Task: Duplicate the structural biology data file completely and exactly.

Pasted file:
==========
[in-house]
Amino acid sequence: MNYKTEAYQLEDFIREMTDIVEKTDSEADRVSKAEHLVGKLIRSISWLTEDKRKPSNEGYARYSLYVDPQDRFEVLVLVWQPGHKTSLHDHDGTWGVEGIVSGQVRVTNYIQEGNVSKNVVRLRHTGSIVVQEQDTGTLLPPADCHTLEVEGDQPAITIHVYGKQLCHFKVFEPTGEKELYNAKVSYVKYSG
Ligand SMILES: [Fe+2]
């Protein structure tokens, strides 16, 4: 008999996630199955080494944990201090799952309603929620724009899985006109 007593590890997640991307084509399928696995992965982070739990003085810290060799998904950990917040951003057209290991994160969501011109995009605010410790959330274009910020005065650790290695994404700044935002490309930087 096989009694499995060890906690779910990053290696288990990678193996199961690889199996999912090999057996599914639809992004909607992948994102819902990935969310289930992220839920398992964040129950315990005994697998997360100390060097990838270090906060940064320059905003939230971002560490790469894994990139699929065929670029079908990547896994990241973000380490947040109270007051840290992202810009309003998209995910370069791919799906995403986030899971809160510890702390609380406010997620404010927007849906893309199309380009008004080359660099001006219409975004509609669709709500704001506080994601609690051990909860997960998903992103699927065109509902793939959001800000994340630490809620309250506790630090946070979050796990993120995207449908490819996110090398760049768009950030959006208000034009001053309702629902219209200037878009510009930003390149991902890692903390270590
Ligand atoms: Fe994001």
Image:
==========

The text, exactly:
[in-house]
Amino acid sequence: MNYKTEAYQLEDFIREMTDIVEKTDSEADRVSKAEHLVGKLIRSISWLTEDKRKPSNEGYARYSLYVDPQDRFEVLVLVWQPGHKTSLHDHDGTWGVEGIVSGQVRVTNYIQEGNVSKNVVRLRHTGSIVVQEQDTGTLLPPADCHTLEVEGDQPAITIHVYGKQLCHFKVFEPTGEKELYNAKVSYVKYSG
Ligand SMILES: [Fe+2]
């Protein structure tokens, strides 16, 4: 008999996630199955080494944990201090799952309603929620724009899985006109 007593590890997640991307084509399928696995992965982070739990003085810290060799998904950990917040951003057209290991994160969501011109995009605010410790959330274009910020005065650790290695994404700044935002490309930087 096989009694499995060890906690779910990053290696288990990678193996199961690889199996999912090999057996599914639809992004909607992948994102819902990935969310289930992220839920398992964040129950315990005994697998997360100390060097990838270090906060940064320059905003939230971002560490790469894994990139699929065929670029079908990547896994990241973000380490947040109270007051840290992202810009309003998209995910370069791919799906995403986030899971809160510890702390609380406010997620404010927007849906893309199309380009008004080359660099001006219409975004509609669709709500704001506080994601609690051990909860997960998903992103699927065109509902793939959001800000994340630490809620309250506790630090946070979050796990993120995207449908490819996110090398760049768009950030959006208000034009001053309702629902219209200037878009510009930003390149991902890692903390270590
Ligand atoms: Fe994001």
Image: